In May 2010, the Secretary-General of the United Nations accordingly issued a note on the renewal of the IGF’s mandate. The United Nations Department of Economic and Social Affairs (DESA), which hosts the IGF Secretariat and drafted the note, had been criticised in February for its decision to issue these recommendations directly to ECOSOC, rather than first forwarding them to the May meeting of the Commission on Science and Technology for Development (CSTD) for its comment. The CSTD advises ECOSOC and the General Assembly on technology issues and was tasked with responsibility for system-wide follow-up of the WSIS outcomes, using a multi-stakeholder approach. Thus the exclusion of the CSTD from substantively considering the continuation of the IGF was one of the first signs of the tide turning against multi-stakeholderism in Internet governance in the new decade.

This controversy aside, the Secretary-General’s note acknowledged criticisms that “that the IGF had not provided concrete advice to intergovernmental bodies and other entities involved in Internet governance,” and “that the contribution of the IGF to public policy-making is difficult to assess and appears to be weak.” Suggesting that such criticisms may point “to a desire for more tangible progress on the issues at hand,” the note recommended that “improvements to the format, functions and operations of the Forum be considered at the Forum’s sixth meeting, in 2011.” A press release accompanying the note also suggested that the MAG “make proposals with regard to its own future, should the mandate be renewed.”

In response, and pending a formal decision on the continuation of the IGF by the General Assembly, processes to consider improvements to the IGF and its MAG were put in place during 2010. As to the MAG, it issued a questionnaire on its own performance and possible improvement following its May 2010 meeting, and considered (though in general did not recommend implementing) the suggestions given at its subsequent meeting in November. As to the IGF as a whole, on 29 July the Economic and Social Council (ECOSOC) invited the Chair of the CSTD to form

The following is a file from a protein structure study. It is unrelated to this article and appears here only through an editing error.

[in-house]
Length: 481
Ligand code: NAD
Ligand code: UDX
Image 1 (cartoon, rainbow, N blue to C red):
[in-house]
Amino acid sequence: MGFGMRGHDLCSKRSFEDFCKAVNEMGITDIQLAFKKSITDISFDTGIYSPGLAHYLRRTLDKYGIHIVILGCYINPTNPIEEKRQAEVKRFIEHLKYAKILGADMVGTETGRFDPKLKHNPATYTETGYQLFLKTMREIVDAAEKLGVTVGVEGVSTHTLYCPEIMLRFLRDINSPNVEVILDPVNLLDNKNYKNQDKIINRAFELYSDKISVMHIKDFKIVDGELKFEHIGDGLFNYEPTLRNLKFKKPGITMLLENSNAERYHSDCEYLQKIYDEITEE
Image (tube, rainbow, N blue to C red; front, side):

in an open and inclusive manner, a working group which would seek, compile and review inputs from all Member States and all other stakeholders on improvements to the Internet Governance Forum …

Following on from the Secretary-General’s note and pending the CSTD working group’s report, the General Assembly issued a resolution in December that extended the IGF’s mandate for a further term of five years, noting “the importance of the Internet Governance Forum … while recognizing at the same time the need to improve it, with a view to linking it to the broader dialogue on global Internet governance” and also “acknowledging the calls for improvements in its working methods”. Despite the earlier (and rightful) criticisms of the lack of multi-stakeholder participation in the development of this resolution, in the end the resolution complemented the CSTD process of discussion of IGF improvements, which will be considered in more detail in the next post.

This post is excerpted from a forthcoming paper and presentation of the author to be titled Arresting the decline of multi-stakeholderism in Internet governance.